The Fall of Anne Boleyn
English historian Alison Weir has written twelve works of nonfiction and two novels on the British monarchy, including The Six Wives of Henry VIII (1991) and Henry VIII: The King and His Court (2001).
The Topic: In 1534, Henry VIII electrified Renaissance Europe when he repudiated the papacy and installed himself as the head of the English church in order to divorce his aging first wife, the dowdy Catherine of Aragon, and marry his vivacious mistress, Anne Boleyn. Only three years later, Anne was arrested on charges of adultery, incest, and treason and imprisoned in the Tower of London. The Lady in the Tower closely considers the last four months of Anne’s life, including her conviction—based on flimsy, contradictory evidence and uncorroborated testimony—and her death on May 19, 1536. Was Anne guilty, or was she crushed by her enemies? "Anne was probably framed," concludes Weir, most likely by Henry’s chief minister, Thomas Cromwell. "She went to her death an innocent woman."
Ballantine Books. 464 pages. $28. ISBN: 9780345453212
"Virtually no historian would disagree, but it is testament to Weir’s artfulness and elegance as a writer that The Lady in the Tower remains fresh and suspenseful, even though the reader knows what’s coming. … One of the pleasures of The Lady in the Tower is that it invites the reader into the historiographical process as Weir’s emphasis on primary sources allows us to evaluate them alongside her." Lisa Hilton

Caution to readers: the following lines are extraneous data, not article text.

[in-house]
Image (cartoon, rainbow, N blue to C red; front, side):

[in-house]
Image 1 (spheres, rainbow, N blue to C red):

New York Times
"To Ms. Weir’s credit she is well equipped to parse the evidence, ferret out the misconceptions and arrive at sturdy hypotheses about what actually befell Anne. … To Ms. Weir’s disadvantage, this subject has been so frequently dramatized that her sometimes-inconclusive scholarship can seem ponderous and dry." Janet Maslin
NY Times Book Review
"Doubts have already been cast on Weir’s assumptions; the historian John Guy has recently suggested that two sources she took to be mutually corroborating are in fact one and the same person. This doesn’t invalidate her brave effort to lay bare, for the Tudor fan, the bones of the controversy and evaluate the range of opinion about Anne’s fall." Hilary Mantel
Sunday Times (UK)
"She’s in a dialogue with the evidence—it’s something done all too infrequently—beckoning us to join her behind the scenes of a historian’s world. … Looking at the bigger picture, one … has to question why Weir devotes so much space to a blow-by-blow account of the events of a few months, but rarely pauses to reflect on the values and expectations of the society that allowed it all to happen." John Guy
"It is clear that Alison Weir is a terrific historian and a dogged researcher, who is enthralled with this part of European history. Unfortunately, she lets the academic nature of her work get in the way, somewhat, of a story that has obvious appeal." Kristin Dumont
Weir certainly had her work cut out for her, given that the bulk of the court’s evidence and accounts of Anne’s last days emerged many years after her death. However, she adeptly sifts through contemporary sources, reveals inaccuracies, and paints as reliable a picture as possible of the queen’s fall from grace. She treads a well-worn path, but most critics praised her meticulous period detail—particularly her ghoulishly fascinating description of Anne’s beheading—and her ability to draw the reader into the academic process. Only the Providence Journal grew weary of the minutiae, and the Times cast doubts on some of her conclusions. Nevertheless, this scholarly and carefully crafted tale "is no romantic portrait of Henry’s great love, but a forensically detailed account of Anne’s systematic destruction (Independent)."